Andy Greene wasn’t acquired by the New York Islanders in February so he could let doubt creep in with the season at stake.
The Islanders haven’t been able to put away the Philadelphia Flyers after taking a 3-1 series lead in the best-of-seven Eastern Conference second round, and now must push any negative thoughts aside in the hours leading to Game 7 on Saturday night at Scotiabank Arena.
The winner departs the Toronto bubble and heads to the Edmonton bubble to take on the Tampa Bay Lighting in the conference final; the loser departs the Toronto bubble and returns to the free world, or what counts as one during the coronavirus pandemic.
“It’s short-term memory,” said Greene, the veteran defenceman who had been the captain of the New Jersey Devils before he was traded to the Islanders. “We can’t waste any energy or waste time thinking about what has happened at this point.”
While players will say it’s a clean slate when the puck drops for Game 7, the Flyers don’t have to concern themselves with thinking of what might have been. There is some buoyancy in the Philadelphia ranks after winning each of the past two games in extra time.
“I sort of feel like that we’re that toy growing up that you keep punching in the face and it keeps getting back up,” Flyers coach Alain Vigneault said on Friday. “We’ve been whacked and we were down 3-1 and we’re still there.
“There’s lot at stake, there’s a lot of pressure, but it should be an enjoyable moment for players and coaches. You lay out on the line what you have. This next one is going to be interesting.”
The Flyers have a franchise record of 9-7 in Game 7s; the Islanders are 3-5. New York never has lost a series in which it led 3-1, going 9-0.
The Isles might have won Game 6 with some better goaltending from Semyon Varlamov, who allowed five goals on 31 shots. New York had 53 shots on the Flyers’ Carter Hart.
The option for Isles coach Barry Trotz would be to turn to Thomas Greiss, whose only two games in the 2020 playoffs were against the Flyers. Greiss won once and lost once.
“Both of them are really good options for me,” Trotz said, failing to acknowledge who will get the call on Saturday.
LIGHTNING ON THE MOVE
Idle since Monday when it eliminated the Boston Bruins, the Lightning will travel to Edmonton on Saturday ahead of Game 1 on Monday night.
“There is no hiding the fact we’re going to go a week between games, and to replicate the intensity we had in the two previous series, you’re not going to do that in practice,” Lightning coach Jon Cooper said on Friday. “The first game, those first few shifts, you have to make sure the guys are into it.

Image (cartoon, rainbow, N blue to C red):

“It’s weird, because what’s today? Day 40 in the hotel? This has been our home. And now we have a date we’re actually leaving. We’re looking forward to moving on, because moving on somewhere else, it means that we have advanced.
“It will be a chance with the new surroundings to be a reset for us. I think that’s going to help with our mental makeup.”
Cooper said he will provide an update on captain Steven Stamkos (lower body), who has not played in the ’20 playoffs, closer to the series opener.
“Frustrating, no doubt,” Cooper said. “Everybody wants him to play and he wants to play.”
LINDBLOM A LIGHT
Not that the Flyers would require more inspiration to come all the way back and oust the Islanders, they could get some from forward Oskar Lindblom, who returned to the ice in Game 6 after a seven-month battle with Ewing’s sarcoma, a type of bone cancer.
“After going through what he went through, he could easily have said ‘Listen, with this situation and the way things are right now in the world and the COVID, I’m going to wait for next year. I’ll get ready and I’ll be 100%,’” Vigneault said. “No, he comes back, helps his teammates, gets himself ready to play. He is all in. It says a tremendous amount about the young man.”
Said Flyers teammate Robert Hagg: “It’s amazing to see him back on the ice. He has been pushing hard the last two months to get in shape. To see him on the ice was emotional, for sure.”
We couldn’t agree more with what Bruins star David Pastrnak said during a conference call on Friday from his home in Prague. “Crazy season, nobody expected this to happen,” Pastrnak said of playing during the pandemic and the restrictions that came with it. “I just want things to get back to normal.” … Trotz on the advantage of having the experience of 77-year-old general manager Lou Lamoriello as a guide: “Lou is always there for a resource. He is outstanding. This game is hard enough. You need some people who have gone through it a little bit.” … How has the Lightning grown since being upset in a sweep in the first round of the 2019 playoffs by the Columbus Blue Jackets? Cooper: “We understood, especially after last year’s playoff exit … I don’t think it was our talent level. The big thing was we didn’t have to beat a team 6-0 or 7-0, 1-0 or 2-0 would do. We always had that attitude: Let’s keep scoring, scoring, scoring. I’ve said many times, it’s what you keep out of the net, not what you put in the net. And that’s where we really had to have our growth.” … Prior to Friday, there had been 178 Game 7s in NHL playoff history. The team that took a 1-0 lead won 132 of those games.
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